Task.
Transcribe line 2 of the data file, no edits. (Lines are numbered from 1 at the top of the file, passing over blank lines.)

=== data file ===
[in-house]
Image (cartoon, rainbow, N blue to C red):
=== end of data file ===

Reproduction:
Image (cartoon, rainbow, N blue to C red):